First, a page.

U4 More Writing Practice

Use the exercises below to practice writing your own speeches. 

Exercise 4.59

Part A

Write a 5 paragraph speech about the prompt below. Use rhetorical appeals to support your main idea. For this exercise create a paragraph based on each appeal: ethos, pathos, and logos. You can change the order of the paragraphs if you want to. An outline has been given below to help you.


Support using an appeal

Support using an appeal

Support using an appeal




Part B

Deliver your speech to a group of your classmates. Can they guess which paragraph was based on which rhetorical appeal? Listen to your groupmates' speeches. Can you guess which paragraphs they based on ethos, logos, or pathos?

Exercise 4.60

Part A

Create a 1-2 minute speech with a central theme. You may use any examples or stories as supporting details but they should all connect back to a theme. You may choose from the list of themes below.

  • peace
  • time
  • the sea
  • greed
  • beauty
  • growing up
  • light
  • pursuit of knowledge
  • impermanence 
  • justice

Part B

Exchange your short story with a partner. Write comments or notes on their speech to give them feedback. Use the questions below to guide you in reading their speech to give feedback.

  • What theme is their speech about? 
  • How did you know that was the theme? Circle any words or phrases that signaled the theme. 
  • What suggestions do you have for your classmate to make the theme clearer to the audience?

Exercise 4.61

You have been asked to speak at a student forum about nutrition. Prepare a short statement about nutrition as a student to share with the people who attend. In your statement use the rule of three at least two times. 

Exercise 4.62

Part A

You are running for president of the student body. You need to prepare a campaign speech about why your fellow students should vote for you to represent them as president. Each candidate is given up to 3 minutes to present. In your speech, you should include all of the literary devices you learned in this unit. A checklist has been provided to help you. 

  • epistrophe
  • anaphora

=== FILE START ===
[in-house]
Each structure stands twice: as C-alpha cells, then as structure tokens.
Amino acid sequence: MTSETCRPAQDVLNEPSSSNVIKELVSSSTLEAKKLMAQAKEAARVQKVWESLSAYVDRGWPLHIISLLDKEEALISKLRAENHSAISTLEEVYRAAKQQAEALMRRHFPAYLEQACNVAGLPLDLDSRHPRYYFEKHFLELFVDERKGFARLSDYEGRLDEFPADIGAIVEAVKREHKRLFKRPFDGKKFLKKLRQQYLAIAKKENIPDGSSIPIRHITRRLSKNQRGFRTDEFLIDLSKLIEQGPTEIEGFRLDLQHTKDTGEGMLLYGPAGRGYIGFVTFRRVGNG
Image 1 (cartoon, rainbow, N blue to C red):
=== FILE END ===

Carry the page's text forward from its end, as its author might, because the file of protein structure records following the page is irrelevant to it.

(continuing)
• juxtaposition
  • symbolism
  • tone

Part B

Peer-proof a partner's speech. Underline any grammar mistakes in the speech. Then return the speech to your partner. 

Exercise 4.63

Choose a topic that you feel passionate about. It could be a current issue or an area of academic interest. It could be a hobby. Create a 3-minute speech about that topic persuading your audience to do something. Use the instructions below to create 2 drafts (versions) of your speech. 

Draft 1: 

Try to use parallelism as many times as you can. Usually, you would use some parallelism throughout a speech balanced with non-parallel sentences. In this exercise try to use it as many times as possible, even if it seems odd. 

Draft 2: 

Read your speech to yourself. Are there any areas where the parallel structure feels forced or unnatural? Are there any areas where the parallel structure seems to distract you from the main idea? Decide where the use of parallelism will best strengthen your speech. Revise the speech to only include parallelism where it feels natural or strengthens your speech. 

Exercise 4.64

Part A

Write a 2-minute speech about a local issue. What is a problem affecting your local area? Write a speech that informs a local audience about that issue and calls them to action. Include at least one literary device in your speech. 

Part B

 Use the questions below to reflect on your thinking. Write the answers to the questions as complete sentences. 

1. How did you use the writing process when creating the speech for part A. 

2. Which parts of the writing process did you find more difficult?

3. Which parts of the writing process did you find easier?

4. Which of the strategies that you used while writing was the most effective and efficient for you?

5. Is there anything you would change about how you approach writing plays based on your answers to questions 1-4?

Note about Transferability:

Skills used for one thing may also be used for another thing. Consider the questions below:

  • Has the experience in this exercise highlighted any skills that you could use in other types of writing?
  • How could that skill or those skills be useful in other types of writing?

Try using that skill or those skills in other types of writing. 

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